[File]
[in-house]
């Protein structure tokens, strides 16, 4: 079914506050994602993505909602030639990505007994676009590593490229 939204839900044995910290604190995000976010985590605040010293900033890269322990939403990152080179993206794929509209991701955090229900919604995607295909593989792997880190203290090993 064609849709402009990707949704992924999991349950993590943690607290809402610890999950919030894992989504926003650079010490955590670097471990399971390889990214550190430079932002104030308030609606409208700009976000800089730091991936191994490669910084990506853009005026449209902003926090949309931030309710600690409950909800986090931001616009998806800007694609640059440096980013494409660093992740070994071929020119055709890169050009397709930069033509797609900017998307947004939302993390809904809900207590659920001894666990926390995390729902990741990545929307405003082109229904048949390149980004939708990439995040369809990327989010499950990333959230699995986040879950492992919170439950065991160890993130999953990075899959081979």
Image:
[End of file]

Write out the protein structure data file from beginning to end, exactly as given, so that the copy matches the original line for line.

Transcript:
[in-house]
């Protein structure tokens, strides 16, 4: 079914506050994602993505909602030639990505007994676009590593490229 939204839900044995910290604190995000976010985590605040010293900033890269322990939403990152080179993206794929509209991701955090229900919604995607295909593989792997880190203290090993 064609849709402009990707949704992924999991349950993590943690607290809402610890999950919030894992989504926003650079010490955590670097471990399971390889990214550190430079932002104030308030609606409208700009976000800089730091991936191994490669910084990506853009005026449209902003926090949309931030309710600690409950909800986090931001616009998806800007694609640059440096980013494409660093992740070994071929020119055709890169050009397709930069033509797609900017998307947004939302993390809904809900207590659920001894666990926390995390729902990741990545929307405003082109229904048949390149980004939708990439995040369809990327989010499950990333959230699995986040879950492992919170439950065991160890993130999953990075899959081979």
Image: